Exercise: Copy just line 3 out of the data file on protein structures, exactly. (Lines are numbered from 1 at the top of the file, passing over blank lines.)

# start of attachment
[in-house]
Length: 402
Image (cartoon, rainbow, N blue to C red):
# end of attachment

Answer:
Image (cartoon, rainbow, N blue to C red):